The group theory problem was to describe groups in which the normal subgroup relation is transitive (a difficult problem which is still the subject of research) and it led to Todd asking Olga Taussky, who was at Westfield College, for advice on it. Their first meeting was in 1937 and on the 30 September of the following year they were married. After World War II began in 1939, King's College was evacuated to Bristol. Todd was told that he was not needed to teach and should find another job. It was a difficult time with bombs falling on London. Todd and his wife wrote six mathematical papers while sitting in bomb shelters. These papers included A characterisation of algebraic numbers (1940), Matrices with finite period (1940), Matrices of finite period (1941), Inversion in groups (1941) and Infinite powers of matrices (1942). In Matrices of finite period, published in the Proceedings of the Royal Irish Academy, they proved that for a fixed modulus m every 2 × 2 matrix with integral entries and determinant 1 is congruent, modulo m, to a matrix of finite order if and only if m = 2 or m = 3.
After failing to get a job in weather forecasting, Todd was appointed in 1940 to the Methodist College, Belfast, where he had himself studied, and also did some teaching at Queen's University, Belfast. After a year he took a job with the Admiralty in Portsmouth working on the problem of how to demagnetise ships so that they did not set off German magnetic mines. Observing the mathematicians and physicists working on wartime research made Todd realise where the weaknesses lay.
He realised that much of the work of physicists was hindered through lack of mathematical and computational skills. He persuaded the Admiralty to let him go to London to set up the Admiralty Computing Service. Then, with Erdélyi and Sadler, he was asked to set up a National Mathematical Laboratory as a division of the National Physics Laboratory. After World War II ended, Todd went to Germany where he examined computers made by Zuse. He also discovered the mathematics research centre at Oberwolfach in the Black Forrest run by Süss and persuaded Moroccan troops, who arrived shortly after he did, not to destroy the building and the books. For this Todd became known as "The Saviour of Oberwolfach". He returned to London and continued to work there until 1947.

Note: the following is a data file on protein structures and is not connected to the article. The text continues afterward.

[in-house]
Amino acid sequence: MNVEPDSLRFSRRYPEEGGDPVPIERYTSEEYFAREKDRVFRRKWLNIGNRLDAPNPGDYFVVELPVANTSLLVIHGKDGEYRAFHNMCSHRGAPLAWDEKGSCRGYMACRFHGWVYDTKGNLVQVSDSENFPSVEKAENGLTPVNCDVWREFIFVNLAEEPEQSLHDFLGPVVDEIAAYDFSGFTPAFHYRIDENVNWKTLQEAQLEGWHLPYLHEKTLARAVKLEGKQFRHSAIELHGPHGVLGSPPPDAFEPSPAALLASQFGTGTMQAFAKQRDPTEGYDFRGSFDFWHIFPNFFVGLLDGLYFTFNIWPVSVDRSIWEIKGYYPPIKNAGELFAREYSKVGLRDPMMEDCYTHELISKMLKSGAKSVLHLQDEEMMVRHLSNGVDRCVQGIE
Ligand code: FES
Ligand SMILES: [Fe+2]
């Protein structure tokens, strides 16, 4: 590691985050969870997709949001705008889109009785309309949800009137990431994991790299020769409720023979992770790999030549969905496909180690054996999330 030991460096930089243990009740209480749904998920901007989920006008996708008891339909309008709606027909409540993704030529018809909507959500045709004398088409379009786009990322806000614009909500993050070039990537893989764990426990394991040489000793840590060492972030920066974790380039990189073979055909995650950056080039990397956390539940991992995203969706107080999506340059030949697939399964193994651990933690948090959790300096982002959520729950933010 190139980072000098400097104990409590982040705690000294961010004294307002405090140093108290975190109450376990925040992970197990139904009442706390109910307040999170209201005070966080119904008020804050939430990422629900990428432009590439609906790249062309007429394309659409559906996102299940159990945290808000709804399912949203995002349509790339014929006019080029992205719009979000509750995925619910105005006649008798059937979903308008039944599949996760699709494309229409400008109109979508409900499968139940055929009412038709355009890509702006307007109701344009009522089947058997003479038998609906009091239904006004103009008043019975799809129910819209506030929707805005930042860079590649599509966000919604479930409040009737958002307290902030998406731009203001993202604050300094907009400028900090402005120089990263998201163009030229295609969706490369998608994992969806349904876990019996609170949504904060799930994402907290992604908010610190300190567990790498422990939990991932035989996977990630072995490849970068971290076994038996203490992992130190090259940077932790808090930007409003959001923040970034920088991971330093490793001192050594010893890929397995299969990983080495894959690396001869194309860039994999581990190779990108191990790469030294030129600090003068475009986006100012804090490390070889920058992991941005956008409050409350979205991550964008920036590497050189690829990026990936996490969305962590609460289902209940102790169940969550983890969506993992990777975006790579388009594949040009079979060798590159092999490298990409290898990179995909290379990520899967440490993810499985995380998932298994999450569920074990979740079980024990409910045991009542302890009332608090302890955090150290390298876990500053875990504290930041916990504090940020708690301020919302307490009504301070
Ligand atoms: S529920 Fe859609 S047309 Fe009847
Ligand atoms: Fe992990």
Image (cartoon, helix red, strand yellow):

In the United States [1]:
... John Curtiss had started his National Applied Mathematics Laboratory, which became a division of the National Bureau of Standards. He invited me to come to America to help when the National Applied Mathematics Laboratory was being started.
Todd and his wife moved to the United States in September 1947. They spent time in Washington D.C., then time at the Institute for Advanced Study at Princeton before going to Los Angeles in April 1948. Later [1]:
... John Curtiss asked me to come to Washington to be the head of the Computation Laboratory. It was on the books as a section of a division of the National Bureau of Standards. We worked there until 1957...
Todd had already become interested in practical mathematics as his article in Nature in 1946, written with Erdélyi, shows.
See the article: Practical Maths.
He spent ten years in Washington at the National Applied Mathematical Laboratories, developing highspeed computer programming, and becoming a world leader in numerical analysis and numerical algebra. Kobata writes in [2] that in Washington:
... Todd was chief of the computation laboratory [from 1949] and later headed the numerical analysis section [from 1954], while Olga served as a consultant.
His work during this period was described in 2002 when he was honoured by the National Institute of Standards and Technology for his contributions:
Todd assembled a capable group of researchers, and both led and participated actively in research on mathematical methods for exploiting the new computational power that was at hand. He studied methods for evaluating mathematical functions, generating random numbers (for Monte Carlo calculations), conformal mappings, and computations with matrices. He worked on the construction of mathematical tables.
Over this period Todd's publications included: The condition of a certain matrix (1950); On the relative extrema of the Laguerre orthogonal functions (1950); Notes on modern numerical analysis. I. Solution of differential equations by recurrence relations (1950); Experiments on the inversion of a 16 × 16 matrix (1953); Experiments in the solution of differential equations by Monte Carlo methods (1954); The condition of the finite segments of the Hilbert matrix (1954); Motivation for working in numerical analysis (1954); and A direct approach to the problem of stability in the numerical solution of partial differential equations (1956).